The Target CPA Buildup Is Real

Marketers talk about the potential of Google’s preferred CPA offering, which combines machine learning and artificial intelligence to deliver meaningful insights and results. It collects as many conversions as possible against a specific goal based on cost-per-acquisition and is quickly becoming popular in marketing.

There are two main reasons for this:

  • First, the target CPA uses real-time signals, such as browsing history and location, to serve ads. There are rumors that the technology takes into account weather trends, the stock market, and IoT devices.
  • Second, it pushes auctions to the auction level faster than is humanly possible. Campaign managers may not bid every second of the day on every impression, but AI is making that a reality.

Google is leading the way, allowing different campaigns to use their preferred CPA bidding strategy, and brands are swallowing that. After all, advertisers are always looking for ways to optimize their campaigns and achieve one of their most important goals: achieving the result.

But marketers must first ensure that the desired CPA is a strategic match.

Limit scalability? A common misconception

Many marketers believe that scalability—that is, cost and effectiveness—is limited when using the desired CPA strategy. That’s true to some extent, but it’s not the whole story.

Google only allows your ads to appear on auctions that you can earn with a certain CPA limit. This means that other auctions that you do not participate in will necessarily be removed, limiting your related expenses. However, adjusting the CPA setting higher or lower creates volatility in spending and gives marketers a little more control.

In this case, you can use two levers: raise or lower your CPA goals and raise or lower your budget limits. The first allows you to scale your spending and the second determines whether you participate in auctions depending on how much you can spend per day.

Think about it: if your daily spending budget is too low, you will be banned from auctions for the day and will likely not be available for all the options you would otherwise qualify for. However, if your CPA setting is too low, you probably won’t be able to participate in auctions and spend your allocated budget.

Your campaign’s performance will therefore be effective and efficient if you have the optimal settings.

How do you determine if the desired CPA is right for you?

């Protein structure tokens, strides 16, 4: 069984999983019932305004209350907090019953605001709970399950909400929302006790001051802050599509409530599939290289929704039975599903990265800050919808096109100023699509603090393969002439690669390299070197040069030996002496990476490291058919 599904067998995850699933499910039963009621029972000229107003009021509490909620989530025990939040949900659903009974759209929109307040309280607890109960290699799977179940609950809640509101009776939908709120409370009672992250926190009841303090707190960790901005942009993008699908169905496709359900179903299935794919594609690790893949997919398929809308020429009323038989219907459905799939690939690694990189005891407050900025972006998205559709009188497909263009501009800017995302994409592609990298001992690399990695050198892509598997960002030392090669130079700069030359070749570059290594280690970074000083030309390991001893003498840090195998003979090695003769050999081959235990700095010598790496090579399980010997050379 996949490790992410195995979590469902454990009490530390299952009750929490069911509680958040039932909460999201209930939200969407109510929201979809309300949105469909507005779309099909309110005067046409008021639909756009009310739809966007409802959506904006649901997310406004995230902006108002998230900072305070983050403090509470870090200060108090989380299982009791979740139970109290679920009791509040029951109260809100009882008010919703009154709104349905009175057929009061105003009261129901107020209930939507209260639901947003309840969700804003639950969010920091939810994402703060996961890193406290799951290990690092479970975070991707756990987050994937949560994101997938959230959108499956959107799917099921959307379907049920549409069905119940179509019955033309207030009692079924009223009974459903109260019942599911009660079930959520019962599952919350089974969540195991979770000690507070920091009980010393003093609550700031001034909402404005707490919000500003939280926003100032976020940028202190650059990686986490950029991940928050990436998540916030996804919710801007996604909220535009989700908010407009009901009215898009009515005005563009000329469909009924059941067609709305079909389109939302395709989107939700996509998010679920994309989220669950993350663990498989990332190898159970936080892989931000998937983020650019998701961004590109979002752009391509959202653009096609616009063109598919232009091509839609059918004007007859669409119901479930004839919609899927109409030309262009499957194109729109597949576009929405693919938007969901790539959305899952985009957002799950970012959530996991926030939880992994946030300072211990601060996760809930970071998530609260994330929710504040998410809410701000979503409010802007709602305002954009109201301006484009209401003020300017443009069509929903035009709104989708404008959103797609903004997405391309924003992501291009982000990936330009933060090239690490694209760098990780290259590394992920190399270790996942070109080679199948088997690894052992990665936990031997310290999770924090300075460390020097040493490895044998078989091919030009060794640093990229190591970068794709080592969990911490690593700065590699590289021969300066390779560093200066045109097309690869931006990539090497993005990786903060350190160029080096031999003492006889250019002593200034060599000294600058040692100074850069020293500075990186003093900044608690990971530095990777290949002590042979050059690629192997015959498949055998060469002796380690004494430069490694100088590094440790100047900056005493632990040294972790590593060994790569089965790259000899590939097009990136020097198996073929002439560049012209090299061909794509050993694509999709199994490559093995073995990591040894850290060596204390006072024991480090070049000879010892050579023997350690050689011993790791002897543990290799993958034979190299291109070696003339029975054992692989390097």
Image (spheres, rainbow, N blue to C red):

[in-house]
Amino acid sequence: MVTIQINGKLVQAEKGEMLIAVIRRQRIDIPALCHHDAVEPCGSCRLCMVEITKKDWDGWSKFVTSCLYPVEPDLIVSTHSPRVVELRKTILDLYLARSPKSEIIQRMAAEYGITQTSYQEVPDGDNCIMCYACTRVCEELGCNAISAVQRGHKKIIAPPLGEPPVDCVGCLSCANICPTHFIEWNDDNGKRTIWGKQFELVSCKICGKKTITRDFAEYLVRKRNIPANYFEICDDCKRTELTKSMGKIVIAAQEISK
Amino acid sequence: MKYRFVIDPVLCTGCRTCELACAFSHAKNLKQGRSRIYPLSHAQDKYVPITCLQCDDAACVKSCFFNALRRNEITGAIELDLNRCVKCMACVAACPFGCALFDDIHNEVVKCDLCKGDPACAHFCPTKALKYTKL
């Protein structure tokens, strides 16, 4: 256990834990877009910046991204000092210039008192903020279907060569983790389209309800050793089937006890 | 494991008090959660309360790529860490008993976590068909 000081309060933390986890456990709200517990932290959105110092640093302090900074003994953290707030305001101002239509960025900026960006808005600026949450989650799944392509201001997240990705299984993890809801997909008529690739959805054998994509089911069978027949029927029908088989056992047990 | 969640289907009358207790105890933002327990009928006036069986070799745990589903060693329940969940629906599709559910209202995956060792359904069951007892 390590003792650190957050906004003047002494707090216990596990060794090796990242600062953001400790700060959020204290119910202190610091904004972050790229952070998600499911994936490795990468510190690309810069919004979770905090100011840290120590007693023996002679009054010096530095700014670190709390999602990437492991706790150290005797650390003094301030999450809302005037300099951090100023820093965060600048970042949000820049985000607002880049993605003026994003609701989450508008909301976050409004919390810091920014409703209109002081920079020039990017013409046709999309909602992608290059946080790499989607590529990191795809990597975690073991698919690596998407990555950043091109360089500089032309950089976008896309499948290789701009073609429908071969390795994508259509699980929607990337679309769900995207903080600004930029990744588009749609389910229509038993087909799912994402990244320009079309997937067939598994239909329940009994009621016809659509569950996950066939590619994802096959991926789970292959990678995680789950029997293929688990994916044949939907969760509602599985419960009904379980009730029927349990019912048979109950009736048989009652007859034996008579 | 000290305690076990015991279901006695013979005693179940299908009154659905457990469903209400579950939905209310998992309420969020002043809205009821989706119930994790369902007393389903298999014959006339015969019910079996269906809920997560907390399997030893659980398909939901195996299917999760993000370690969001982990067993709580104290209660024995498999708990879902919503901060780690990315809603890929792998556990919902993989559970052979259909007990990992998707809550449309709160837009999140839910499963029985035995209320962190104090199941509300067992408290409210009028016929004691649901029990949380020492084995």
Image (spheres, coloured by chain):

The desired CPA may produce great results for your brand, but it’s not perfect for everyone. It has a strong learning curve and can cause stress and anxiety to marketing teams due to its ever-changing nature. For example, you see 10-40% performance variations in just one day – a roller coaster that isn’t carefree.

The desired CPA is best used by brands with a clear goal in mind: performance-oriented brands that often want to optimize e-commerce sales or lead generation. Those with traceable KPIs, in particular, do this well; those who rely on offline KPIs may find it difficult to implement a targeted CPA strategy unless the KPIs are manually (and regularly) entered into the system.

Since there is so much to think about, ask yourself the following five questions before accepting the desired CPA.

1. Want to spend less time on manual bid adjustments and more time on strategy and planning?

If the answer is yes, then the desired CPA is for you. This will allow you to stop manually pulling handles on your campaigns. You no longer need to bid on keywords, time of day, devices, or audiences. This gives you more time to spend strategically with your customers and the company as a whole.

2. Do I have a static lead or sales CPA goal as my primary KPI?

If the answer is yes, then the desired CPA is for you. It’s important to have a static sales CPA or primary CPA because you need to give the system a specific goal: a single number to pursue. The desired CPA is a good choice for these strategies.

If your goal changes dynamically and constantly, the desired CPA strategies may not be the best for your needs due to the learning curve.

3. Am I currently tracking leads or sales in my Google Ads account?

If the answer is yes, then the CPA you want is possible for you. It’s vital that you keep track of leads or sales in your account as you work to bring them into your business. You cannot optimize a lead or sales bid strategy if the system is not tracking leads or sales.

4. Does my campaign flight usually take three months or more?

If the answer is yes, then the CPA you want is possible for you. It usually takes a few weeks or months to get optimal results due to the tool’s learning curve.

If you need quick wins, avoid your favorite CPA bidding strategy. It usually takes 1-3 months to make small changes to optimize a campaign, depending on the volume used. Getting the most out of your desired CPA often requires an even longer process.

5. Will I make frequent changes to my keywords, goals, and ads during the campaign?

If the answer is yes, then the desired CPA may not be the best option for you. Consider manually managing your campaigns.

One of the most challenging tips Google gives campaign managers using the desired CPA is to keep their hands free while AI and machine learning technology do the work for them. For hands-on campaign managers who want to be involved in every detail of the campaign, it can be difficult to overcome.

Many companies use the desired CPA and benefit greatly from it. But as with any digital marketing tool, you can’t wait to reap the rewards until you decide if it’s strategically right for your needs.

If applicable, the desired CPA can be the defining difference that makes you stand out in an entire media landscape.